It’s been a while since Brooks Whittington and I were left unattended on the rolling floor of Cigars Davidoff, but today is the third—and yet not final—look at the photography from our trip to Davidoff’s Dominican operations. It started quite literally on a farm in Jicomé, then nearby at Procesadora de Tabaco Palmarejo (PTP) and now at Villa Gonzales, home to three Davidoff factories—Cigars Davidoff, Occidental Cigar Factory and O.K. Cigars.

Occidental is responsible for clients like Hammer + Sickle and Paul Garmirian. It’s where employees begin their training before graduating to O.K. Cigars, the factory responsible for AVO, Zino and other non-Davidoff brands in the Davidoff of Geneva portfolio. The best will eventually find their way to Cigars Davidoff (Cidav), which is where Davidoff’s famed white label products are rolled and where Brooks Whittington took the following pictures.

Cigars Davidoff

The exterior of the Cigars Davidoff factory in Villa Gonzales.

Cigars Davidoff stripping

Like many other factories, wrapper is stripped by machine, which removes the vein in the center and creates two separate leaves. Filler is stripped by hand.

Cigars Davidoff stems

The veins that are stripped off of the leaves collect in the bottom of the machine.

Cigars Davidoff floor

The rolling floor at Cigars Davidoff.

Cigars Davidoff presses

Davidoff is known for its quality control, here bunches are checked before being rolled.

Cigars Davidoff molds

Cigars Davidoff bunches

Cigars in molds await their turn to have wrappers applied.

Cigars Davidoff rolling

At Davidoff, both men and women are responsible for rolling and bunching. Some factories will divide the roles by gender.

Cigars Davidoff cap

The cap is applied to the end of a cigar by a worker at the factory.

Cigars Davidoff Royal Salomones

Davidoff Royal Salomones sit in a pile after being finished. The pile is worth roughly $2,500 at retail.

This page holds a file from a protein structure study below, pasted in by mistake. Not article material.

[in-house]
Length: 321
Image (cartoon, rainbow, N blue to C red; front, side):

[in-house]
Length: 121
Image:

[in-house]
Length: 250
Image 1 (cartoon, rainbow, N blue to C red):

Eladio Diaz

Eladio Diaz heads up the operation in Villa Gonzales. He not only leads the Davidoff blending team, but he’s in charge of quality control. While photographing the different factories we spotted Diaz—and his hat—at different tables just like this. After other supervisors checked each cigars, Diaz would reinspect hundreds of cigars.

Cigars Davidoff packaging

Most of Davidoff’s packaging actually takes place elsewhere, but here a cigar was being banded. Davidoff ships cigars in bulk boxes to its three depositories worldwide where the cigars are reinspected, banded and boxed before shipping out to retailers.

Cigars Davidoff Superman

A worker named Superman holds his identification badge towards the camera. He works in the area where tobaccos are separated to be sent to the rolling tables.

Photographs & Captions: Brooks Whittington. Body: Charlie Minato

Brooks Whittington

I have been smoking cigars for over eight years. A documentary wedding photographer by trade, I spent seven years as a photojournalist for the Dallas Morning News and the Fort Worth Star Telegram. I started the cigar blog SmokingStogie in 2008 after realizing that there was a need for a cigar blog with better photographs and more in-depth information about each release. SmokingStogie quickly became one of the more influential cigar blogs on the internet, known for reviewing preproduction, prerelease, rare, extremely hard-to-find and expensive cigars. I am a co-founder of halfwheel and now serve as an editor for halfwheel.